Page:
Laws can be complex and difficult to understand. Sometimes they make sense, and sometimes they do not. One confusing concept for a party that has been injured in Alabama is a legal theory called pure contributory negligence.
In Alabama an injured person can recover money for their injuries from the person that injured them if that person was negligent. A person is negligent when they owe another person a legal duty and they breach that duty and that breach causes an injury to another person. For instance, if John rolls through a stop sign and crashes into Bill, John is responsible for the injuries to Bill because John had a legal to duty to stop at the stop sign and check for traffic. The legal duty to stop for the stop sign was designed to protect people like Bill.
However, if Bill was driving 10 MPH over the speed limit and John can prove Bill’s speeding contributed at all to the crash, then Bill cannot make any claim against John for his injuries. Even if Bill was only 1% at fault for the crash, the rule of contributory negligence means that Bill cannot recover any of his damages from John. While this may not make sense, it is the law in Alabama.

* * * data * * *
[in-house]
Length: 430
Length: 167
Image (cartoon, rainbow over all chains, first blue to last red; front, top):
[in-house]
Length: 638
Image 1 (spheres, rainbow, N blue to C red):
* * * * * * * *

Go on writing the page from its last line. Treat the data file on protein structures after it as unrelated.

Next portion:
The only legal defense to contributory negligence is if the at fault party was not merely negligent, but wanton in the conduct that cause an injury to another party. Alabama law defines wanton conduct as conduct which is carried on with a reckless or conscious disregard of the rights or safety of others. In the example above, if John was driving drunk then his conduct may be regarded as wanton conduct. That wanton conduct would prevent him from using contributory negligence as a defense to keep Bill from being able to recover for his injuries even if Bill was speeding.
Recovering damages after an injury can be a difficult, confusing, and time consuming task. The adjusters or lawyers for the negligent party may not offer a fair payout or may deny any responsibility for the injury. Because of the logistical and legal issues involved when trying to recover damages for an injury it is best to contact an attorney as soon as possible after a negligent party injures you or a loved one.